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Volume 11, Issue 5: Musica

Goudimel

Duck Shuler

When musicians think about great church music, the qualifier “reformed” is not usually the first that comes to mind. More than likely they may think about the Lutheran chorale, or the Anglican anthem, or even the great Renaissance polyphony that adorned the motets1 and the ordinary2 of the Roman Catholic Mass. But reformed? Hardly. This is mostly the case because of reformed Christians’ mistaken understanding of Calvin’s theology of music. Often falsely cited as disdaining music, Calvin desired that music, in particular the Psalms, should have a major role in the liturgy of the church. To that end, he directed the assembling of perhaps the greatest single hymnal or psalter ever published in modern church history.

Calvin oversaw the development of the Genevan Psalter over the course of 23 years. Several incomplete Psalters were published, but the final completed version appeared in 1562. Within a few years all of Europe was singing the Psalms to Genevan tunes. What caused the Genevan Psalter to be so successful? For one thing the melodies are great music in simple form. But its success was also largely due to the work of Claude Goudimel, musician, publisher and Huguenot. Goudimel did not write a single melody for the Genevan Psalter, but he did harmonize the whole psalter twice and was in the process of writing motets on many of the Psalms when he died. It was through these published harmonizations, to be used in the home, that the Genevan Psalms were primarily disseminated.
To the best of our knowledge Goudimel was born in Besançon, France, somewhere between 1514 and 1520. His first published composition (1549) was a chanson written while he was a student at the University of Paris. Two years later he became a proofreader for the newly formed printing company of Nicolas Du Chemin. Thereafter Goudimel became his music editor and partner until 1555, bringing great success to Du Chemin in the music publishing business.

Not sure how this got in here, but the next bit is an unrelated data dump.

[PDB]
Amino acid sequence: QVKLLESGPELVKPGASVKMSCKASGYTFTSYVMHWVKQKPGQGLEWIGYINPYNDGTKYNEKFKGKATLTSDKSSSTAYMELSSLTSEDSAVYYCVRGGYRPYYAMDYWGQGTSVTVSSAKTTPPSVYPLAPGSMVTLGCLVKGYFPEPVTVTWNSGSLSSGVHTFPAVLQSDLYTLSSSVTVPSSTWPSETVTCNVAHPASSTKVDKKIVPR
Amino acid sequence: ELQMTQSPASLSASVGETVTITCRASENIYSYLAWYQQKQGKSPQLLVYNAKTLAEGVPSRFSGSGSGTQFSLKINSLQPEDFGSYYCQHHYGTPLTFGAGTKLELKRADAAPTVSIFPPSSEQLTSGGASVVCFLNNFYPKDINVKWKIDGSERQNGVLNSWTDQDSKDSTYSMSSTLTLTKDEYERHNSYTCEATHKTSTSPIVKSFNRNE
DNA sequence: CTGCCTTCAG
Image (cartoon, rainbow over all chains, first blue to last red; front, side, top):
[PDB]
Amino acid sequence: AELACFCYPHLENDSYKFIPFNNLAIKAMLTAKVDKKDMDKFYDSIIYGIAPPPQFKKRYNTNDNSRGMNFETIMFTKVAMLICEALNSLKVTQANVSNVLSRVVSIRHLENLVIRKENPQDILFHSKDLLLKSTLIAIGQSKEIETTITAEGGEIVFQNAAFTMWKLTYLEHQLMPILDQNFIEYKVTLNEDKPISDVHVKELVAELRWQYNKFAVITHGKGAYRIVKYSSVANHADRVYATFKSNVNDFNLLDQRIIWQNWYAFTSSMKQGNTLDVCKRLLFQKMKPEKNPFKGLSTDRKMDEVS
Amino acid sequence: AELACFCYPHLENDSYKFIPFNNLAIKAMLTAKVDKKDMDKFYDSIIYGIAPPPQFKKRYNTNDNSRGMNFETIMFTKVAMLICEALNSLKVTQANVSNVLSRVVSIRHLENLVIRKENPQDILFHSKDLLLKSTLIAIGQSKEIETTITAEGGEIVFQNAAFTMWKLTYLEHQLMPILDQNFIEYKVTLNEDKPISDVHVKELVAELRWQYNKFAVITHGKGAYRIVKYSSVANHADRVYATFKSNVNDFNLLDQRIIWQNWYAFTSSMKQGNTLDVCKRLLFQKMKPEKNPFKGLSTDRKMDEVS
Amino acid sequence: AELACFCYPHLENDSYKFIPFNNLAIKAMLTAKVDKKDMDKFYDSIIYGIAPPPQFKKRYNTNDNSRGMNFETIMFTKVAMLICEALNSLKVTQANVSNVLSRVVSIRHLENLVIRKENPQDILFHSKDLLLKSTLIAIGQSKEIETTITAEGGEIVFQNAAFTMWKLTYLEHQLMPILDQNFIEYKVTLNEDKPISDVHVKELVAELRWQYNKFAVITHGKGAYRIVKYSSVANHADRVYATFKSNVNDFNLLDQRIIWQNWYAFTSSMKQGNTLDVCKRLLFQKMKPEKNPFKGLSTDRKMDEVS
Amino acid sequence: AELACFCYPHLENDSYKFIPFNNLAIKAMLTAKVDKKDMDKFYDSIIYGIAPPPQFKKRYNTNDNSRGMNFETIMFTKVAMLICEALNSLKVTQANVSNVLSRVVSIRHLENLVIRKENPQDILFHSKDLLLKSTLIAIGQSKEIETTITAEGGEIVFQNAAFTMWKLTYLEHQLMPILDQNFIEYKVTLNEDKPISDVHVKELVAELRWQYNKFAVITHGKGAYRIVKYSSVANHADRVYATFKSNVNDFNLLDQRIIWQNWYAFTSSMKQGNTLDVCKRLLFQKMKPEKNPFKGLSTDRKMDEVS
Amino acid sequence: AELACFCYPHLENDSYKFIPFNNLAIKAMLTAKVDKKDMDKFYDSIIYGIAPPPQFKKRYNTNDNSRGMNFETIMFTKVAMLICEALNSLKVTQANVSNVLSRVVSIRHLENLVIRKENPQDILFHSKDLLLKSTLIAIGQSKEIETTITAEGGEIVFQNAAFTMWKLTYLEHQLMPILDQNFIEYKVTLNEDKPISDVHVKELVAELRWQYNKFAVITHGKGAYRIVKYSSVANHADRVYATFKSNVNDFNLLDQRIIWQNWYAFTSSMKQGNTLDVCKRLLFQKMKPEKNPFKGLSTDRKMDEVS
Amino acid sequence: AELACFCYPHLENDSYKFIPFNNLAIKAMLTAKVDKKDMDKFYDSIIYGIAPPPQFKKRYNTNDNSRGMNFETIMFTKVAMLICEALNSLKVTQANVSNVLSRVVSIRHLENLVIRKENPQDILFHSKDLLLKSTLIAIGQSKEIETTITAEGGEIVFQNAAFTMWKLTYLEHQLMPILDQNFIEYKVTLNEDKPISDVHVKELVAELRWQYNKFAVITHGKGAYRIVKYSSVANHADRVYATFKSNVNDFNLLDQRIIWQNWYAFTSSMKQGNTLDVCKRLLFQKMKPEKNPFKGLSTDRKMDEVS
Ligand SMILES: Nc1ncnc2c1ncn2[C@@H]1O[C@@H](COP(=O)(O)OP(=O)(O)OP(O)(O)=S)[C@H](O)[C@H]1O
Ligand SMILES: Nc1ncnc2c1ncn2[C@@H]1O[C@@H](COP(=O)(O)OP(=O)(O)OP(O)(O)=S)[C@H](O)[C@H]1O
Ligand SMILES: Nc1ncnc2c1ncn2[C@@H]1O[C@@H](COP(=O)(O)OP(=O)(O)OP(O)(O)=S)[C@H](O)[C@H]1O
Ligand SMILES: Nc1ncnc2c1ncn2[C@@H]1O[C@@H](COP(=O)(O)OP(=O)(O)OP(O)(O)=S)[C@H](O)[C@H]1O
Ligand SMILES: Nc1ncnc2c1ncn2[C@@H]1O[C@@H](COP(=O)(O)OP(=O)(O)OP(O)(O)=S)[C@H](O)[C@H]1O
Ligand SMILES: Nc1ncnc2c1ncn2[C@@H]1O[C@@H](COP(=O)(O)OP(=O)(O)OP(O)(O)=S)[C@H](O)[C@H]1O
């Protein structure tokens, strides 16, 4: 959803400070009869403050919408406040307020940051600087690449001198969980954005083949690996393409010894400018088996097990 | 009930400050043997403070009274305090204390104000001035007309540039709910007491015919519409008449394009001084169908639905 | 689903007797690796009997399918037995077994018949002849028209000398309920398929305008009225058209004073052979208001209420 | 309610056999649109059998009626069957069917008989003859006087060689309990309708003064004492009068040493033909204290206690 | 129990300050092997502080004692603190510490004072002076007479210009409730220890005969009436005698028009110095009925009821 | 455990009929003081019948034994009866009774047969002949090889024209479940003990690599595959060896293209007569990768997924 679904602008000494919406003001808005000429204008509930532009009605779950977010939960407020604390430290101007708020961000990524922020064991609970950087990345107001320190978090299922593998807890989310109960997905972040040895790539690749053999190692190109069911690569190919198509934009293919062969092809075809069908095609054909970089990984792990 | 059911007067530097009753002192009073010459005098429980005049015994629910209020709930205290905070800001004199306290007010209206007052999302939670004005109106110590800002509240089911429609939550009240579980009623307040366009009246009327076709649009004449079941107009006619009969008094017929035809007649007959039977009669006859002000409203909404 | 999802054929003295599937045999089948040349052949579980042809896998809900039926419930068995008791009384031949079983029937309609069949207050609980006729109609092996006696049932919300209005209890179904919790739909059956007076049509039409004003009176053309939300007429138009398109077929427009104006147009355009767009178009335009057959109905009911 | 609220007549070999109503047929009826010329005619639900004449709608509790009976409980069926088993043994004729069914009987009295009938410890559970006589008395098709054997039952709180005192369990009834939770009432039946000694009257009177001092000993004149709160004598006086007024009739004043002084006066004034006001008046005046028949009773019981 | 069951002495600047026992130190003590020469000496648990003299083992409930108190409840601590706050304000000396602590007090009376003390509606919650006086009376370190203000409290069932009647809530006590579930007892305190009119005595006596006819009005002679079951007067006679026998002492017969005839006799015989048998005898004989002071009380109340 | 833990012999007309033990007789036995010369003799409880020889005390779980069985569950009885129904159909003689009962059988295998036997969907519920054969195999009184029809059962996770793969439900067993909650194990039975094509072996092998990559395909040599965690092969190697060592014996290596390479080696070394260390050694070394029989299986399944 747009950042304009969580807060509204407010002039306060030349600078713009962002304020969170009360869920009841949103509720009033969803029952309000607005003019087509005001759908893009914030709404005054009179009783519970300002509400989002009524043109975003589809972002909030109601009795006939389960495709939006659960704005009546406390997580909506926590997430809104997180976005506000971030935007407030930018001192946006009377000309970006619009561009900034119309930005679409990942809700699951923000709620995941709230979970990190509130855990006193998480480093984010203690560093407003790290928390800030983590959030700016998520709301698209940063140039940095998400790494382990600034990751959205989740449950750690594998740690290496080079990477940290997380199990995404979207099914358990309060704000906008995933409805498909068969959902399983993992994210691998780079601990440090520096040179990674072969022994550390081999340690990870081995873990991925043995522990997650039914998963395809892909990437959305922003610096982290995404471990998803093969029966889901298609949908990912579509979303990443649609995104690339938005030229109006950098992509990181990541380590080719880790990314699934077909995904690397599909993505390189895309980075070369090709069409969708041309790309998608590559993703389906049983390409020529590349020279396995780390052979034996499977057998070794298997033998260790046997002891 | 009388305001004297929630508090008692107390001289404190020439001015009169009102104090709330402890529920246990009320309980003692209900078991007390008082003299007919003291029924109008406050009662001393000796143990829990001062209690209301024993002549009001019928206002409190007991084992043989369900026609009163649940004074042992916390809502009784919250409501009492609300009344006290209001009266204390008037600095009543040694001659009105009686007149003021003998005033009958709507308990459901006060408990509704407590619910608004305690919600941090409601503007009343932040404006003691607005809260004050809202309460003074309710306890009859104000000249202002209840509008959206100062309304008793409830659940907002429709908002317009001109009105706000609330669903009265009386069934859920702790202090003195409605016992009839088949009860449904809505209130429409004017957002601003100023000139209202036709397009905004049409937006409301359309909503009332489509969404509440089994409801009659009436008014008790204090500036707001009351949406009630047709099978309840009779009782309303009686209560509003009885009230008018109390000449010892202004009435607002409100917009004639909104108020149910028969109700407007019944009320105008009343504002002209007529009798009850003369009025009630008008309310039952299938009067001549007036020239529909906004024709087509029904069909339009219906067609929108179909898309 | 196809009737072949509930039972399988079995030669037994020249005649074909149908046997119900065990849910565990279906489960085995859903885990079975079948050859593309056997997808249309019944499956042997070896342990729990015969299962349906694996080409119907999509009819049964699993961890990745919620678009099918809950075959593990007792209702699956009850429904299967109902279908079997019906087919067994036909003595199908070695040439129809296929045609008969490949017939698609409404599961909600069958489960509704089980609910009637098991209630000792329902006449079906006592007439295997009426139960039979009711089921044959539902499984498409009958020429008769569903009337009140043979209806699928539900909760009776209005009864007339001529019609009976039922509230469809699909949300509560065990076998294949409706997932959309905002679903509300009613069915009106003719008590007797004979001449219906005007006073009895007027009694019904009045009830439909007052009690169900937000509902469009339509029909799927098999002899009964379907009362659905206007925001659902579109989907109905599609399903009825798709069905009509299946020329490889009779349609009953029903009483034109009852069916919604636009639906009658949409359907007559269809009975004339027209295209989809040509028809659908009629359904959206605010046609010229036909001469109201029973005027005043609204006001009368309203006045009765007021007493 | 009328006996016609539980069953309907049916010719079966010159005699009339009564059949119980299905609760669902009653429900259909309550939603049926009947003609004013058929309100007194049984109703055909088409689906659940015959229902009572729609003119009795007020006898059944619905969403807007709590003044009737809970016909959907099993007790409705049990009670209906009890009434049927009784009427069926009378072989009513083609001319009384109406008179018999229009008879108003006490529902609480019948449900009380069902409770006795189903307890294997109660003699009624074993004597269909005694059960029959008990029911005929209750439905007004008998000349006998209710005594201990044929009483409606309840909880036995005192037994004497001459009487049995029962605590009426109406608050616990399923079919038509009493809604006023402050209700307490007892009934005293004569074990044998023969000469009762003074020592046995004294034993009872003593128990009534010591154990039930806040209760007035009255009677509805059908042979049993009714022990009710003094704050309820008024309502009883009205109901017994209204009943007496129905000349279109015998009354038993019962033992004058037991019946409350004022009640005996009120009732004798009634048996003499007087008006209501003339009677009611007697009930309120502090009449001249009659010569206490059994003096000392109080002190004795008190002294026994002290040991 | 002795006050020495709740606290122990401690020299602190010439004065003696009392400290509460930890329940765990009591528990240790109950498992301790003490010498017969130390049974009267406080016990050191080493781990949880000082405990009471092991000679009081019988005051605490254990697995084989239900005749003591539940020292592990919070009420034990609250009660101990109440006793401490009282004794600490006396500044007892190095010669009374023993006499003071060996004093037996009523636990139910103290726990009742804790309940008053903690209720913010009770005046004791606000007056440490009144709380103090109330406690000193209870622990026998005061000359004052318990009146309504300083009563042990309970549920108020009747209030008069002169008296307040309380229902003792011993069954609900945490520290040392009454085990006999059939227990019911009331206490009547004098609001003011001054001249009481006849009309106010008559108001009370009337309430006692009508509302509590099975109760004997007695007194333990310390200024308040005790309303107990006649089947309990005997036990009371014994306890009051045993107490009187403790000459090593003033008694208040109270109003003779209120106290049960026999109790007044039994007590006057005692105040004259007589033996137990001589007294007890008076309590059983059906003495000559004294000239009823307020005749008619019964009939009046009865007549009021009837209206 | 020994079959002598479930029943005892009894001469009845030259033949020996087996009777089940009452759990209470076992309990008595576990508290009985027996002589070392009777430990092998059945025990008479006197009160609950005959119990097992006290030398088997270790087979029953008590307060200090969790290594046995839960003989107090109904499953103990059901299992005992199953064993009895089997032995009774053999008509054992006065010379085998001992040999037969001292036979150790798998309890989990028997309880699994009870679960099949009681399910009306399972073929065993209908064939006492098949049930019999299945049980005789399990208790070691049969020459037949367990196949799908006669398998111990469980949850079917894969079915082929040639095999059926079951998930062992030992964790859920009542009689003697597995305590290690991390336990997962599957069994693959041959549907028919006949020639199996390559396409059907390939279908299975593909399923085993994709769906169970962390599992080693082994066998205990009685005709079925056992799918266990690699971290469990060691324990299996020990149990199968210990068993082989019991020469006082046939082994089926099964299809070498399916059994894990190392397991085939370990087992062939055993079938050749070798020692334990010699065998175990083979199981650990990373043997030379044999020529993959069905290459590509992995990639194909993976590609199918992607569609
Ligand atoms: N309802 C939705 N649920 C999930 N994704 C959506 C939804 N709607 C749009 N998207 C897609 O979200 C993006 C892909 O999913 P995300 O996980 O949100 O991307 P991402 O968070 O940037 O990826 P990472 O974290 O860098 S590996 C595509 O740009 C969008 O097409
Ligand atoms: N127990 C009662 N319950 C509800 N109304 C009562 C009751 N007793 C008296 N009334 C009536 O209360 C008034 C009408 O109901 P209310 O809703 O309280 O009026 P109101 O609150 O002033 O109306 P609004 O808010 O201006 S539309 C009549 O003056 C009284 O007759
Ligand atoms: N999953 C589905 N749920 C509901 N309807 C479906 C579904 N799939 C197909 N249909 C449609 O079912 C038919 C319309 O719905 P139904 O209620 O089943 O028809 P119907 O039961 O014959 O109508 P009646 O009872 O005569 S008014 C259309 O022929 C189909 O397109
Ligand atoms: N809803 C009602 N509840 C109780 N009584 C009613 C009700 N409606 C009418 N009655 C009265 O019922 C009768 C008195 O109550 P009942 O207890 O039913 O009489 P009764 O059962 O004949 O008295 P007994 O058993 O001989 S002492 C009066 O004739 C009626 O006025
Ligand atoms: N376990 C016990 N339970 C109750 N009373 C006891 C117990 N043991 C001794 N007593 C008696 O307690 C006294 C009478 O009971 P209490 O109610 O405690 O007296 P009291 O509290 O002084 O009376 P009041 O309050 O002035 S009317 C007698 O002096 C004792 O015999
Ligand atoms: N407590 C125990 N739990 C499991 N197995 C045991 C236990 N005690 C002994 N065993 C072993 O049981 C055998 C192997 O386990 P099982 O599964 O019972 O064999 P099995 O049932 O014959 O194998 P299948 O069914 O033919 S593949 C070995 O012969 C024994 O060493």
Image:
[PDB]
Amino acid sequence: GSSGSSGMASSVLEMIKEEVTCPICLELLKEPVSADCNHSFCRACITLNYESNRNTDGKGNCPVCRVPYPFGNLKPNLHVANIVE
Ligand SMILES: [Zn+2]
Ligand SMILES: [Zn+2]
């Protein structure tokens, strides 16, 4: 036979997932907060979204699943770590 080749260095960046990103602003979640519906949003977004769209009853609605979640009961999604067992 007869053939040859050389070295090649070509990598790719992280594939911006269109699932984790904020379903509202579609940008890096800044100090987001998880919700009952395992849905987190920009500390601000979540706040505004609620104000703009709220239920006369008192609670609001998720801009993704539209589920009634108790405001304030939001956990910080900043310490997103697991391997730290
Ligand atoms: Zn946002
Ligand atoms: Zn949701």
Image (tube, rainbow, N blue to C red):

Goudimel’s musical output during these years and into the mid-1560's was tremendous and included four of his five masses, three Magnificats, nineteen Chanson spirituelles, dozens of chansons, eight books of psalms set in motet style, and two complete harmonizations of the Genevan Psalter.
The first of Goudimel’s psalters was published in 1562 in Paris by Le Roy and R3. Ballard and at first contained only 83 psalms. The melodies were taken from the Genevan Psalter of 1551. With the completion of the Genevan Psalter in 1562, Goudimel was able to finish this psalter and harmonize all 150 psalms. His completed psalter was published in 1564. The melodies are found in the tenor except for a handful that are put in the soprano. The harmonizations are set in a note-against-note style, just as hymns are set.
The heirs of François Jaqui republished Goudimel’s psalter in 1565 in Geneva. This edition (often called the Jaqui Psalter) seems to have been designed for use in the church as well as the home since it includes the Forms of Prayers, which is the Genevan liturgy. It also included the catechism, the creed of the Reformed Churches, and the full text of the metrified psalms with each musical setting. This edition is prefaced with Calvin’s forward and Theodore Beza’s epistle to the Genevan Psalter, 1562. The parts were not intended to be sung in church but at home. Goudimel makes this clear in his forward:4
To Our Readers:
To the melody of the psalms we have, in this little volume, adapted three parts, not to induce you to sing them in Church, but that you may rejoice in God, particularly in your homes. This should not be found an ill thing, the more so since the melody used in Church is left in its entirety, just as though it were alone.
In spite of this, within a generation, the psalms were often being sung with all four parts in church and Goudimel’s setting were those most often used. The harmonizations were so popular that even the Lutherans borrowed them almost verbatim for their German psalter edited by Ambrosius Lobwasser. Through the Lobwasser Psalter (Leipzig, 1573), the influences of the Genevan tradition are seen throughout the Lutheran hymnody of that generation.
In his second complete setting of the psalms, Goudimel used the traditional Genevan melodies. They were generally placed in the soprano voice while the other voices employed a more imitative counterpoint. However, the counterpoint was not so elaborate as to confuse it with the motet style. These delightful settings were published in 1568.
Goudimel was living in the Huguenot city of Metz when he worked on these psalters. He had become a Huguenot by around 1560. He left Metz in 1567 because of the new commandant who was hostile to the Protestants. He lived in his home town of Besançon for a short time but then moved to Lyons. During the firestorm that swept France in the St. Bartholomew’s Day massacre, Goudimel was martyred when the massacre came to Lyons between August 28 and 31 of 1572.

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